Everything and More: A Compact History of [infinity]

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W. W. Norton & Company, 2003 - Mathematics - 319 pages
7 Reviews
One of the outstanding voices of his generation, David Foster Wallace has won a large and devoted following for the intellectual ambition and bravura style of his fiction and essays. Now he brings his considerable talents to the history of one of math's most enduring puzzles: the seemingly paradoxical nature of infinity.Is infinity a valid mathematical property or a meaningless abstraction? The nineteenth-century mathematical genius Georg Cantor's answer to this question not only surprised him but also shook the very foundations upon which math had been built. Cantor's counterintuitive discovery of a progression of larger and larger infinities created controversy in his time and may have hastened his mental breakdown, but it also helped lead to the development of set theory, analytic philosophy, and even computer technology.Smart, challenging, and thoroughly rewarding, Wallace's tour de force brings immediate and high-profile recognition to the bizarre and fascinating world of higher mathematics.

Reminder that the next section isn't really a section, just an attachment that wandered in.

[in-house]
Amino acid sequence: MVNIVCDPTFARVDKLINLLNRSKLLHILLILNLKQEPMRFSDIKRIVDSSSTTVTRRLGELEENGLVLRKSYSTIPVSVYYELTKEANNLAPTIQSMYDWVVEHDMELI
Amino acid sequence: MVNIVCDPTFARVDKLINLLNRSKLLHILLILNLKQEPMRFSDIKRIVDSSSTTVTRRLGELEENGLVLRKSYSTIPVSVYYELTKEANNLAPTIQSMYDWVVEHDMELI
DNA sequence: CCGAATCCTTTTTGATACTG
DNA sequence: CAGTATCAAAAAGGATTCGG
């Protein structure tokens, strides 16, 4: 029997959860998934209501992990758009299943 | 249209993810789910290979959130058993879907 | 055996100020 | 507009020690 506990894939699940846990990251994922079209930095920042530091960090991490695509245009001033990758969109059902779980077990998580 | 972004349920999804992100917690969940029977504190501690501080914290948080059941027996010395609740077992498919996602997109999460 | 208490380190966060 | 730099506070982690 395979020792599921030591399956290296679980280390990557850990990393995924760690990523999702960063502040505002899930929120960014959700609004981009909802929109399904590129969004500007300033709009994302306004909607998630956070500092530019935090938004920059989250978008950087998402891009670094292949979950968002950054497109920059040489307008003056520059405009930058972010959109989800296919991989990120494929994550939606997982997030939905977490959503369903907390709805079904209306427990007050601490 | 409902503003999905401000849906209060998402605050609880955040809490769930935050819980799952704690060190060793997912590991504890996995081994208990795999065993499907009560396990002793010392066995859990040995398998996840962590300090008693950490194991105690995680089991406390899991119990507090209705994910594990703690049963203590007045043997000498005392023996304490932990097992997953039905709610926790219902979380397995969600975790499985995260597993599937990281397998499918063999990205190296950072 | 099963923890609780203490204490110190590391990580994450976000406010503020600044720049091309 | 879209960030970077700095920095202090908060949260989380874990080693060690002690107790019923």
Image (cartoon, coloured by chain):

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LibraryThing Review

User Review  - MathMaverick - LibraryThing

An excellent book packed with tons on "Modern Math". I'm not sure this book is for everyone. The material is very deep and requires a good understanding of math as well as the ability to imagine. Read full review

LibraryThing Review

User Review  - nostalgebraist - LibraryThing

David Foster Wallace was a great writer of fiction. He was not a great writer of popular math exposition, as this book shows. The main reason I read this book, besides just curiosity about one of the ... Read full review

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About the author (2003)

Friederike Eigler, Georgetwon University, Washington DC, USA; Jens Kugele, Ludwig-Maximilians-Universität München, Germany.

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